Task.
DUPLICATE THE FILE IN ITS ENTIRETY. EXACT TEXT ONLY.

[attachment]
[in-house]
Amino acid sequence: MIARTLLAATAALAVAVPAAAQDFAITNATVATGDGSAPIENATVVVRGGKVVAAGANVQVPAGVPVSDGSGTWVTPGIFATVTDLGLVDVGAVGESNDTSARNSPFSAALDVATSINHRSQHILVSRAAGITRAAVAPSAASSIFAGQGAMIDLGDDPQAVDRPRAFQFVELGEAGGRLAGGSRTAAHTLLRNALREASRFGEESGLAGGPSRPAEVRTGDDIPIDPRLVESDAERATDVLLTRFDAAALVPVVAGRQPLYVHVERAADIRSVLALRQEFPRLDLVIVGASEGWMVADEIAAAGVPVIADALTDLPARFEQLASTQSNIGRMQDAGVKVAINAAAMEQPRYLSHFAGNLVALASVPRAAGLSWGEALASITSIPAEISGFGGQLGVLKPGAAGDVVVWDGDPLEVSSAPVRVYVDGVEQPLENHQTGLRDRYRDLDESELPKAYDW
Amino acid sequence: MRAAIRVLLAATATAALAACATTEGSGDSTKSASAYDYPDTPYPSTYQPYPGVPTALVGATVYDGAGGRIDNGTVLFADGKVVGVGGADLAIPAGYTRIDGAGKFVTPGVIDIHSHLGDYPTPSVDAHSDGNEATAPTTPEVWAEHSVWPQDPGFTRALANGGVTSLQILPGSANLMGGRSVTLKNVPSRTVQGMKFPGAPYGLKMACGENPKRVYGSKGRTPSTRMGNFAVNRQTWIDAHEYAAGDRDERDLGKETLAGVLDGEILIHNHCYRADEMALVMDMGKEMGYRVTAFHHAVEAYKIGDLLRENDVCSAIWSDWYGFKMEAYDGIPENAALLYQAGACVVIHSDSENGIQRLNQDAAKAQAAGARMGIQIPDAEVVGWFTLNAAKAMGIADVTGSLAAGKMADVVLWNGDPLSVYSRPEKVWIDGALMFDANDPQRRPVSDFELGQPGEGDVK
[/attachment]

[in-house]
Amino acid sequence: MIARTLLAATAALAVAVPAAAQDFAITNATVATGDGSAPIENATVVVRGGKVVAAGANVQVPAGVPVSDGSGTWVTPGIFATVTDLGLVDVGAVGESNDTSARNSPFSAALDVATSINHRSQHILVSRAAGITRAAVAPSAASSIFAGQGAMIDLGDDPQAVDRPRAFQFVELGEAGGRLAGGSRTAAHTLLRNALREASRFGEESGLAGGPSRPAEVRTGDDIPIDPRLVESDAERATDVLLTRFDAAALVPVVAGRQPLYVHVERAADIRSVLALRQEFPRLDLVIVGASEGWMVADEIAAAGVPVIADALTDLPARFEQLASTQSNIGRMQDAGVKVAINAAAMEQPRYLSHFAGNLVALASVPRAAGLSWGEALASITSIPAEISGFGGQLGVLKPGAAGDVVVWDGDPLEVSSAPVRVYVDGVEQPLENHQTGLRDRYRDLDESELPKAYDW
Amino acid sequence: MRAAIRVLLAATATAALAACATTEGSGDSTKSASAYDYPDTPYPSTYQPYPGVPTALVGATVYDGAGGRIDNGTVLFADGKVVGVGGADLAIPAGYTRIDGAGKFVTPGVIDIHSHLGDYPTPSVDAHSDGNEATAPTTPEVWAEHSVWPQDPGFTRALANGGVTSLQILPGSANLMGGRSVTLKNVPSRTVQGMKFPGAPYGLKMACGENPKRVYGSKGRTPSTRMGNFAVNRQTWIDAHEYAAGDRDERDLGKETLAGVLDGEILIHNHCYRADEMALVMDMGKEMGYRVTAFHHAVEAYKIGDLLRENDVCSAIWSDWYGFKMEAYDGIPENAALLYQAGACVVIHSDSENGIQRLNQDAAKAQAAGARMGIQIPDAEVVGWFTLNAAKAMGIADVTGSLAAGKMADVVLWNGDPLSVYSRPEKVWIDGALMFDANDPQRRPVSDFELGQPGEGDVK